Papua New Guinea’s tuna industry leaders are calling for reform of the regional Vessel Day Scheme, saying it is counterproductive, speeding up stock depletion, with the size of catches getting smaller.
The Vessel Day Scheme (VDS) has been operating since 2005, designed to ‘constrain and reduce catches of target tuna species, and increase the rate of return from fishing activities’ by a complex system of fees paid to member countries of the Parties to the Nauru Agreement (PNA).
The scheme limits the number of fishing days, which are then allocated by country and sold to the highest bidder.
Fisheries Minister Mao Zeming announced last week 309 licences had been issued to fishing companies mainly from the Philippines, Korea, Taiwan, Japan and China for 2015, with access to Archipelagic Waters reduced from 9000 to 5500 days.
PNG Fishing Industries Association President Pete Celso says the scheme has been counterproductive, despite the good intention, because of the recent hike in fees.
The latest PNA agreement saw fees rise to US$10,000 per day, providing an estimated US$300 million(K792 million) for participating Pacific nations.
‘The increase in fees has meant boats are staying out longer, catching or setting nets twice or even more a day, and the average size of the fish (is) getting smaller and smaller,’ he told Business Advantage PNG.
According to researcher Matthew Dornan at the Australian National University in Canberra, access fees or their equivalent were an estimated US$218 million in 2013 and US$91 million in 2009, after the Vessel Day Scheme was introduced, compared with figures of below US$70 million in the years before the scheme was introduced.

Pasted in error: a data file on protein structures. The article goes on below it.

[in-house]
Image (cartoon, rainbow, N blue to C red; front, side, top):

While scheme has been successful in improving economic returns for Pacific nations, it has failed to stop the decline in fish stocks.
Professor Glenn Hurry, the outgoing Executive Director of the Western and Central Pacific Fisheries Commission (WCPFC), says stocks of yellowfin, bigeye and bluefin tuna have all been reduced. Stocks of bigeye are now down to 16 per cent of their original numbers.
More than 60 per cent of the world’s tuna is caught in the Pacific by vessels from distant water fishing nations such as China, Japan, Taiwan South Korea, Spain, North and South America. The PNG fisheries zone of 2.4 million square kilometres is the largest in the South Pacific, and between 10% and 20% of the world’s tuna catch is caught in PNG waters.
Annual catches are up to 580,000 tonnes per year. The Pacific Tuna Forum estimates that the value of the annual tuna catch in PNG is about US$1.3 billion (K3.43 billion), which could double to US$2.7 billion (K7.1 billion) if the industry explored more value-added activities.
To achieve this, Celso (who is also Managing Director of R D Tuna Canners) has suggested PNG authorities provide incentives to the fishing companies and/or on-shore processors that are off-loading fish and/or processing fish on-shore.
‘This would help us achieve our goal of processing in-country 100% of the tuna catch from within our exclusive economic zone,’ he says.
‘This would help us increase the volume of production on-shore using a natural incentive scheme.’
Driving much of the expansion of onshore processing is the European Union, which has an Interim Economic Partnership Agreement with PNG that allows for tariff-free imports of tuna.
However, in June 2014 the EU issued what it calls a ‘yellow card’ to PNG because it is failing to ensure the sustainability of tuna fishing in its waters, after more than 720,000 tonnes was caught in 2012, well above the maximum sustainable yield of 500,000 tonnes estimated by PNG’s National Fisheries Authority.
A EU report stated the country loses approximately K65 million annually due to illegal, unreported and unregulated (IUU) fishing in their waters.
Late last year, the PNG Government gazetted a new tuna management plan and has proposed amendments to the Fisheries Management Act to forestall a possible EU import ban.